Learning to connect with the Vagus Nerve is how babies develop the ability to self-soothe having learnt safety and vagal activation from the variety of soothing activities on offer from their parents such as cuddling, rocking, lullabies, facial games and so on.

As we grow up and our interactions with the world expand, our perception of safety becomes the product of our experiences, each being meshed into the resulting tapestry of our body, mind and spirit: the looser the weave the more flexible and adaptable we are; the tighter the weave the deeper the stress and traumas will be trapped.

An effective root of disentanglement is to enhance and nourish our sense of safety and security by engaging in creative hobbies (painting, knitting, writing, etc.), by improving our immediate environment with meaningful touches and by nurturing authentic relationship(s).

More specifically we can (re)activate safety signalling from the Vagus Nerve by stimulating the relevant pathways. The Vagus Nerve has two main branches: the Ventral Vagal and the Dorsal Vagal. The former enervates structures in the face, neck, and upper chest that relate to social engagement, the latter enervates the gut, lungs and heart and is also involved in the freeze response.

Partaking in activities that engage the Vagus Nerve in a soothing way will have an immediate stress-busting action. Doing it regularly will strengthen the response and increase our resilience to stress.

Activating the muscles connected to social engagement (muscles of the face, eyes, throat, jaw, tongue and inner-ear) and those of the gut, diaphragm, lungs and heart can be done in a variety of healing ways even if alone.

The feeling of safety, induced by activation of ventral and dorsal vagal, is reinforced by hormones and neurotransmitters that are triggered as a result. One of those hormones is oxytocin which is stimulated through intimate touch, loving and sharing.

Gratitude (especially when we focus on the feelings of our heart) is a way to increase oxytocin when we are not able to physically connect with our loved ones.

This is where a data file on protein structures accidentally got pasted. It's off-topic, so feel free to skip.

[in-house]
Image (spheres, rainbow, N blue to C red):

Activate soothing from the Vagus Nerve by:

  • Singing
  • Gargling (use bicarbonate of soda)
  • Swishing (use coconut oil)
  • Laughing
  • Yawning
  • Massaging your face and skull
  • Reading aloud
  • Meditating (listening to certain vibrations such as bong can enhance)
  • Petting (cat, dog, and rabbit, anything alive and cuddly!)
  • Developing peripheral vision by letting sight ahead go soft and focusing on what we can see from the corner of our eyes
  • Listening to classical music (Bach and other baroque music is the best for this)
  • Smelling essential oil (lavender, frankincense, marjoram, pine and many more - use your preference)
  • Belly breathing and slow breathing and other breathing techniques such as “Cardiac Coherence”
  • Shaking and gentle bouncing (could be extended to dancing to your favourite track)
  • Gentle, slow stretching exercises
  • Barefoot conscious walking (preferably on damp grass or wet sand)
  • Cold showers and cold water plunge (can be combined with sauna/hot bath or shower)

If you are holed up with someone willing to share your well-being enhancing effort, you can experiment with:

  • Playing games (any as long as not dangerous or overly competitive)
  • Exchanging a massage (foot, face, whole body) and/or intimate touch
  • laughing and sharing jokes
  • Preparing and sharing food
  • Reading to each other
  • Singing or playing music together
  • Ballroom dancing
  • Praying

Immune resilience 

Without question some pathogens are more dangerous and virulent than others, but regardless of the pathogen, number is highly relevant. Also called pathogen load, there needs to be enough individuals to damage vital function and/or for our immune system to have failed at keeping things in check. Additionally pathogens can join forces making their effect more lethal, while our resident microbiota can produce anti-viral and anti-biotic substances that will largely contribute to reducing the pathogenic effect of an intruder. It is all about balance and interactions which is why we must look at immune resilience from a system perspective rather than focus on the pathogen only.